The 2019 CX-5 gets excellent crash-test ratings and rates well for its safety features. Every CX-5 comes with automatic emergency braking; Mazda’s standard version works at city speeds well, as we found during our test drive. Full-speed automatic emergency braking costs extra on the base Sport, but comes standard on all other models, along with blind-spot monitors, adaptive cruise control, and active lane control. You’ll have to buy a Signature to get a surround-view camera system, though. Crash-test data gives the 2019 CX-5 a Top Safety Pick+ award from the IIHS, and five stars overall from the NHTSA. The IIHS score has risen thanks to updated the LED headlights with automatic high-beams on high-spec versions. The standard LED headlights don’t rate as highly.
The 2019 Mazda CX-5 comforts front passengers and coddles cargo, but thinks small for back-seat passengers. With an overall length of 179.1 inches and a wheelbase of 106.2 inches, the Mazda CX-5 isn’t among the larger five-passenger crossovers. It’s relatively petite, but in front, driver and passenger won’t notice any size deficit. They’re treated to space that mimics that in Mazda’s mid-size 6 sedan, with fine head and leg room. In top trims the CX-5’s sporty leather-covered seats have firm bolsters to cinch in front passengers, as well as heating and cooling; it’s been a minute since we saw one with cloth, though. The dash is muted by strips of wood, matte leather, well-grained plastics. The high center console and tall gauges communicate a different priority than other crossovers that go all-in on asymmetry or horizontal themes. The CX-5’s center console gets ate up with fussy infotainment buttons, but there’s good storage for a smartphone. The USB port in the glovebox is a nice modern convenience.
While the CX-5 surrounds front-seat passengers with smartly decorated space and well-bolstered seats. The second row, not so much: It feels shy on head and shoulder room, and the bench doesn’t slide to boost leg room, but it does fold to double cargo storage. In back, the CX-5 feels smaller than its measurements. With 41.0 inches of front and 39.6 inches of rear leg room, it confuses passengers who slip in the generally flat rear bench and expect more spread-out space. Three adults across is nearly a non-starter, though three kids will be fine, if they’re still of medium stature. The CX-5 fares better in cargo space. It’s not anywhere near as large as a Blazer, but it’s better than a Rogue Sport, with about 31 cubic feet of space behind the back seat, and just about 60 cubic feet with the rear seats folded flat. It’s shy by about 10 to 15 percent versus the larger Honda CR-V and Toyota RAV4. That said, the CX-5’s cabin can be a much more charming place to spend a lot of time. Top Signature versions get layered wood trim and supple Nappa leather, but even the less expensive versions show Mazda’s fine attention to detail.Mazda picks up points for value with the 2019 CX-5, but loses them for icky infotainment.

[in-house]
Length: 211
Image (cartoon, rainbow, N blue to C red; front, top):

The 2019 Mazda CX-5 boasts a fair amount of standard equipment, and bundles what we’d think of as options in distinct trim levels. The effect’s the same: It’s a well-equipped crossover SUV with great value in lesser trims. The 2019 CX-5 comes in five trim levels. Sport, Touring, and Grand Touring come with the base 4-cylinder and front-wheel drive; all-wheel drive’s a $1,400 option. Grand Touring Reserve and Signature editions come with AWD and the turbo-4. The $25,345 CX-5 Sport gets power features, cloth upholstery, 17-inch alloy wheels, LED headlights, blind-spot monitors, low-speed automatic emergency braking, and a 7.0-inch touchscreen for infotainment. Mazda will let Sport drivers upgrade to a package with full-speed automatic emergency braking, active lane control, and adaptive cruise control. Navigation and remote start come as options, too.
The $27,605 CX-5 Touring adds Apple CarPlay and Android Auto, along with synthetic leather upholstery, keyless ignition, a power driver’s seat, heated front seats, and dual-zone automatic climate control. It’s our pick for value in the CX-5 lineup. A $1,375 Touring Preferred package kicks in Bose audio, a power tailgate, and a moonroof. The $31,040 CX-5 Grand Touring has leather upholstery, a power passenger seat, 19-inch wheels, three years of satellite radio, and navigation, while the $1,625 Grand Touring Premium Package gains a head-up display, cooled front seats, a heated steering wheel, and heated rear seats. At the top of the range the $35,865 Grand Touring Reserve has the turbocharged engine as well as the Premium package, while the $37,885 CX-5 Signature wears 19-inch wheels, a black headliner, Nappa leather seats, and wood trim, and adds a surround-view camera system and front and rear parking sensors.
The 2019 Mazda CX-5 remains what is always has been; a great handling SUV with killer looks and Mazda’s great reliability. While it may not be as large as some of it’s competitors, how often are you really going to be hauling a full load. It’s the smart small crossover that we’d want to be driving on a daily basis since it can put joy into any drive. Which one is right for you really comes down to what kind of driver you are. If you’re more concerned about fuel economy pick the Touring with it’s cost savings, but if you’re more power hungry choose the Grand Touring Reserve; regardless you can rest assure knowing you’ve picked a great small SUV.
If you’re in the market for a new vehicle, check out: drivevise.com Vehicle shopping made simple!